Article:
NUTRIENT DEFICIENCY: 
Poor nutrient intake we all know contributes to a lot of our day to day functions. We don't often see it straight away, but on some occasions we do. Tell me one occasion you felt good after you'd eaten a calorie dense, low nutrient based meal? Wanted to go get 10k steps in and train like a boss? Did you sleep well that night and how did you wake up? A bit groggy, tired, lethargic and dry mouth? (Sounds like a gange over tbh haha) 
 
Now you're adults, you don't need coach Longbott to tell you to eat your greens, fruits and improve your food quality. It's something I'll be honest that we should all aim to have some form of discipline towards over a period of time. It's not pretty, it's not that great, but it can be, you can create daily fruity smoothies, you can roast your veggies with honey on, you can make soups, you can try different recipe ideas for food varieties. It doesn't have to be as simple as chicken broccoli and rice, remember that. 
 
Another avenue you could explore is vitamin intake however due to not being a registered dietician or nutritionist, I won't be advising on those things. Just use google. 
 
HYDRATION: 
Booooooring.... 1 conversation that always comes up in consultations is 'I don't drink enough water I know it - it makes me go pee a lot'. Step 1 today. Increase water intake by 250/500ml. Good luck! 
 
TOO MUCH CAFFEINE AND SUGAR: 
'Bore of longbott' 
 
Hear me out you melons.... It's very very true. They are contributing factors towards playing around with day to day energy levels. They are stimulants. What happens when they wear off? We down regulate. Quite simple. That doesn't mean avoid them, s*** i couldn't do without them. It just means perhaps balance out the amount you're having, at certain points in the day. Sugar may be more favourable in and around your training windows, as with caffeine, and limiting caffeine after 2/3pm will also work wonders for your sleep. Give it a go! See if it helps.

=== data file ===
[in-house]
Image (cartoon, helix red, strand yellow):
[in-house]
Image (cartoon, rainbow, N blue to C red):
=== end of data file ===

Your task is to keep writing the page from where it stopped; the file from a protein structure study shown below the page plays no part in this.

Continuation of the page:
SITTING AROUND TOO MUCH, NOT MOVING: 
It's very very true, the less we do, the less we want to do. Am I right? 
 
I know full well If im balls deep into my work there's a fat chance I won't go train later in the day. Take a look at where you can prioritize your movement on a daily basis. I get it, you're busy and you don't have time. I've used this excuse before and i'll be transparent, it will take some time to get the routine right. I'm into my 3rd year of business and I can say I'm probably just settling into my routines now. Take some time to look at where you can improve this area of your life. 
 
POOR SLEEP: 
I have articles and posts galore about sleep, we even have written sleep management guides you can download. Ask us for more details on this! 
 
CALORIE INTAKE IS TOO LOW: 
This is a catch 22. You want to see results in a timely fashion, but you also want to feel good on a daily basis. You can and should have both. Theres a fine balance behind what sort of calorie intake you should be looking at, enough to start bringing body fat down, but also enough to prioritize exercise performance and energy. Start as high as possible with calories. Measure the non negotiables weekly and assess what needs moving. Assess your sleep, day to day energy, hunger and appetite and keep a journal about it all. The more data you collect, the more you can manage. 
 
If this helped in anyway, please let us know! 
Tagged as: Energy, Nutrition